Climate Changes and Sustainable Management of Natural Resources: Challenges for Agriculture

Climate Changes and Sustainable Management of Natural Resources: Challenges for Agriculture

Svetlana Roljević Nikolić (Institute of Agricultural Economics, Belgrade, Serbia), Predrag Vuković (Institute of Agricultrural Economics, Belgrade, Serbia) and Radojica Sarić (Institute of Agricultrural Economics, Belgrade, Serbia)
Copyright: © 2019 |Pages: 11
DOI: 10.4018/IJSEM.2019070102

Abstract

During the last few decades, the concentration of greenhouse gases in the atmosphere has increased. Estimates are showing that the agriculture, forestry and other land use emits less than a quarter of the total anthropogenic emissions of greenhouse gases globally and in this way endangers resources. Observing from the point of the European Union, agriculture emits 436.7 million tons of CO2 equivalents, corresponding to 9.8% of total greenhouse gas emissions. On the other hand, agricultural production is accompanied by the creation of residues, whose amount often exceeds the weight of the main product, which can be used as a source of renewable energy. About 25% of the harvest residues can be used for energy purposes, without compromising the population food safety, nor adversely affecting the fertility of the land. The aim of this article is to point out on the consequences of the harmful effects of modern agriculture on the environment, but also on the fact that agriculture can offer solutions to the challenges of climate change.
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1. Introduction

Climate change effects each country and interferes with national economies and effects people’s way of life. Greenhouse gas emissions have reached the highest level in the history of mankind, weather events are becoming more extreme, the sea level rises, and steady time patterns disappear. On the other hand, the priorities for the further development of the society affect the emissions of greenhouse gases that cause climate change and vulnerability. Nevertheless, there are numerous solutions that enable society to move to clean and more economical economies. Changes are accelerating because much more people turn to renewable energy and a range of other measures that will reduce emissions and increase adaptation efforts (UN, 2018).

Renewable energy policy has evolved over the past several decades, depending on national interests and goals in different countries and regions. In the mid of 1970s and 1980s, renewable energy interest increased as a result of an energy crisis caused by a reduction in oil stocks and a rise in the price of other fossil fuels. Since the 1990s, interest has continued to increase due to the growing concern about the state of the environment at global and local levels, especially after publishing the report “Our Common Future” (UN, 1987) and defining the concept of sustainable development. Then, a number of environmental agreements such as the United Nations Framework Convention on Climate Change (1992), the Kyoto Protocol (1997) and many others based on sustainability principles followed.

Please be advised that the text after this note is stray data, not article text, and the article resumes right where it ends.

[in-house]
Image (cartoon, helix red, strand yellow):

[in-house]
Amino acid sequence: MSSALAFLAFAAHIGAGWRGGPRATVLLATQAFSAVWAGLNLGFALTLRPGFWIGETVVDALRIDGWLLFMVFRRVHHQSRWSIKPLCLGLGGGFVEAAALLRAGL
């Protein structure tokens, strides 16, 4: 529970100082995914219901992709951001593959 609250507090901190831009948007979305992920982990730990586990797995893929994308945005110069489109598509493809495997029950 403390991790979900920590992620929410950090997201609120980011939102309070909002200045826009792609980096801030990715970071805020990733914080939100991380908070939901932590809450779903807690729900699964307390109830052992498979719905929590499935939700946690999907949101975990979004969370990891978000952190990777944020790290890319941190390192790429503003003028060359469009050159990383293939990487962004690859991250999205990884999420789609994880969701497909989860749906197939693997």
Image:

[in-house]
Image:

Renewable energy can also respond to environmental challenges through reduced greenhouse gas emissions, but other socioeconomic benefits can be achieved in the form of equal supply of energy to the population and job creation through investments in this area, which is in line with the principles of green economic development (Roljević and Vuković, 2012b). Increasing investments in renewable energy sources can be the backbone of economic development and energy stability, especially in underdeveloped countries and their rural areas, whose population is significantly dependent on the energy it receives by traditional use of various types of biomass. Globally, the participation of biomass in total renewable energy consumption is significantly dominant (REN21, 2012), and in this article, about the potential of biomass as a natural energy resource will be more words.

As one of the catalysts for sustainable development and sustainable agriculture, organic production fully contributes to the establishment of a balance between sustainable production and consumption, both of food, energy and natural resources, in addition to contributing to greater economic profit in agricultural holdings and the development of rural areas. In this case, the basis for the development of the green economy in the agrarian sector should be based on the strengthening of organic agriculture as one of the forms of pure production technologies (Filipović et al., 2013).

Due to its role in preserving natural resources, organic production, as an alternative to conventional, is gaining in importance (Roljević et al., 2012a). It should also be noted that this type of production reduces the consumption of fossil fuels and increases the carbon dioxide sequestration in the soil, which contributes to the reduced greenhouse gas emissions. Serbia is a signatory of the Kyoto Protocol and belongs to the Non-Annex I group of countries that do not have the obligation to reduce greenhouse gas emissions, but they can participate in certain trade programs for these programs and create so-called “carbon credits” that they can then sell Annex I countries. If the Government would encourage this type of trade system, each organic producer could have received a certain number of carbon credits, which by selling to the buyer from one of the Annex I countries would provide additional cash and thus ensure the rentability and sustainability of its production.

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